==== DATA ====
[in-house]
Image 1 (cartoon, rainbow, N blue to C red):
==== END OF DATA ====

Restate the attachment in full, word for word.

[in-house]
Image 1 (cartoon, rainbow, N blue to C red):